Career Development, Childhood & Adolescence, Couples & Family, Sexual Abuse Recovery, Depression/Grief/Chronically or Terminally Ill
Certifications
National Certified Counselor

Lois Muir-McClain, NCC, LPC
(404) 201-2048
1700 Tree Lane, Suite 260
Snellville, GA
Specialties
Anxiety or Fears,Career Counseling,Child or Adolescent Issues,Depression,Gay Lesbian Issues,Loss or Grief,Parenting,Relationship Issues,Spirituality,Trauma and PTSD
Gender
Female
Education
My Bachelor of Arts degree in Psychology is from Agnes Scott College in Decatur, GA. I earned my Master of Arts in Professional Counseling from Argosy University in Atlanta and I also have a Certificate in Couples and Family Therapy.
Insurance
No
Membership Organizations
McClain Counseling and Family Therapy

Data Provided By:

11 Quick Questions about Divorce

11 Quick Questions About Divorce


1. How does the quality of one's relationship with their ex-spouse influence the psychological adjustment of their children?

Regardless of whether children grow up in one home or two, parents provide a model for conducting important relationships. Part of every important relationship is mutual respect, civilized interaction, problem solving and conflict resolution, compromise, appreciation and gratitude, patience and forgiveness. When parents model angry, selfish and bitter interaction with one another, their children learn that these disrespectful behaviors are the protocol for how people should be treated. It is no wonder that children from high conflict divorce have a higher incidence of failed relationships later in life. I believe this is why.

2. You write, "Smart parenting is all about trading the momentary relief of venting anger and frustration at your co-parent for the benefit of raising healthier, more productive, and less stressed children." How can a parent deal with their anger in a healthy way that does not cause more pain to their children?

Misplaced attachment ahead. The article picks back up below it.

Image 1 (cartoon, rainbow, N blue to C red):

Break a clay pot, scream into a pillow, make a voodoo doll out of modeling clay. Do what ever you want (as long as it is legal and outside of your children's presence) but do not expose your children to toxic emotion. Oh yes, and read my book.

3. How can a person de-escalate the conflict between themselves and their ex-spouse?

It takes two people to fight. The key to de-scalation is ignoring insult and offering reasonable compromises. This takes practice because often, in poor co-parenting relationships people cannot resist the urge to fight fire with fire. Actually to continue the imagery, it is best to fight fire with water. Parents often ask, "Why shoud I give the co-parent what he/she wants?" The answer to this is "because when you can, and when it doesn't much matter one way or the other (i.e. an extra few minutes here and there) the reduction in conflict benefits the kids."

4. What is the "package" that can make a difference in the quality of communication between the ex-spouses?

Resist the urge to "dig" or "poke" with sarcasm and direct insults. Understand that if you hate the co-parent, it is more difficult to love the part of your child that came from the co-parent. Take relief in the fact that any communication you have with the co-parent has a beginning and an end (at least for the moment) and when the contact is over you don't have to go back home and sleep with them.

5. Can you share with us some practical tips for negotiating with a former spouse who is a jerk?
Again, realize that giving in on minor issues is not a sign of personal weakness; on the contrary it is s sign of strength. Understand that what makes people as difficult as they are is that they "enjoy the fight." Fighting, bickering and nitpicking is feeding a part of them that they enjoy -- and that most likely y...